Date of Award


Degree Type


Degree Name

Bachelor of Arts Honours


Faculty of Health and Human Sciences

First Advisor

Dr Brian Thomas-Peter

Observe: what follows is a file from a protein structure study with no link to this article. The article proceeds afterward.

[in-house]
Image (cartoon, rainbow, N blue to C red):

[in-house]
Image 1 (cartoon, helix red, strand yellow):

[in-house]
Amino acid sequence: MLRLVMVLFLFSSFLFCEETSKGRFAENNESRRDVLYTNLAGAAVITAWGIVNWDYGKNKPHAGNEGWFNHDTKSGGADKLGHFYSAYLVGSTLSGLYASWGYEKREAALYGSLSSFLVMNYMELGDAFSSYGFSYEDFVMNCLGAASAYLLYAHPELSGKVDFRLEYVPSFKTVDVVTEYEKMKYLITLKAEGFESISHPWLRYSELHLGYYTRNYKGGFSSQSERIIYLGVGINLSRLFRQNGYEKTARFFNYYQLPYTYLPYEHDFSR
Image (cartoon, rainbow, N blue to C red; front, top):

This study examines the perceptions of victims and non-victims towards legal procedures which provide a hypothetical victim of property crime varying opportunities to actively participate in the justice process. Some of the variations of victim participation in the procedures examined are comparable to opportunities for victim participation in the procedure victim offender mediation. Other variations represent court procedures In which participation in the justice process by victims of crime is not required. In an experimental scenario study, the first part of this study examines perceptions of fairness of different variations of victim participation in the justice process. The second part of this study assesses the amount of additional punishment (imprisonment and fines) allocated to a hypothetical offender who was described as having to pay a hypothetical victim a specified restitution amount. The variations or levels of victim participation were operationalised according to Thibaut and Walker's (1975) concepts of process control and decision control, from their theory of procedural justice. Process control was defined as the opportunity for a hypothetical victim of crime to express their views to a hypothetical offender during the justice process, and decision control was defined as the opportunity for a hypothetical victim to decide an amount of restitution that a hypothetical offender was required to pay to compensate for the crime. Thirty five, male, university students, aged 17-49 years (M = 21.2 years), and 86 female, university students, aged 17-42 years (M = 23.7 years), (N. =121), were administered a questionnaire which contained eight scenarios describing a hypothetical property offence/offender, and legal procedures which presented varied opportunities for victim process control and victim decision control. Prior to data analyses, respondents were categorised into four groups based on their reported victimization .experiences. There were 24 victims of house break-ins, 29 victims of crimes other than house break-ins, 27 victims of both house break-Ins and other crimes, and 41 non-victims of crime. No directional hypotheses tor the groups were predicted however, hypotheses were made concerning the within-subjects factors pending no significant interactions between the groups and within-subjects factors. Using a split plot design, repeated measures analyses of variance (ANOVA) were used to examine the three dependent variables, individually. For the first part of the study, the three victim groups and one non-victim group were assessed for perceptions of fairness towards four variations of victim participation; victim process control, victim decision control, victim process and decision control, and no victim control. Data analyses indicated no significant Interactions, however a significant main effect was found for the within-subjects factor, victim participation. Initial post hoc comparisons showed that the procedure in which the hypothetical victim was provided both process and decision control was perceived as more fair than the procedure which completely excluded the victim from the justice process. Further comparisons revealed that the procedure in which the victim was only able to express their opinion to the offender was perceived as more fair than the procedure In which the victim could only decide the offenders restitution. For the second part of the study, the same groups were examined to determine whether the allocation of additional punishment for a hypothetical offender was influenced by the hypothetical victim's opportunity to participate in the justice process and/or by a specified restitution amount. For the dependent variable fines, data analysis revealed a significant Interaction between the within-subjects factors, victim participation and restitution. Post hoc comparisons, with Scheffe correction, Indicated that the amount of fines allocated to the victim offender mediation procedure were consistent, regardless of the amount of restitution specified. The amount of fines allocated to the victim offender mediation procedure were significantly lower than the amount of fines allocated to the court procedure with $250 restitution, but not significantly higher than the court procedure with $500 restitution. The latter procedure was allocated the lowest level of fines. For the dependent variable imprisonment, data analysis indicated a significant interaction between the groups and restitution ($250; $500). Post hoc comparisons with Scheffe correction, showed that the interaction was only significant for the $250 restitution amount. Further comparisons indicated there were significant differences in the amount of Imprisonment allocated between the groups; victims of other crimes other than house break-Ins, and victims of both house break-ins and other crimes, for the within-subjects factor, restitution, especially for the lower restitution amount of $250. This study has implications for the extent to which the opportunity for victim participation in the justice process, through victim offender mediation, is seen as fair by both victims and non-victims, and the effects of victim participation In the justice process and restitution, on the punishment of property offenders.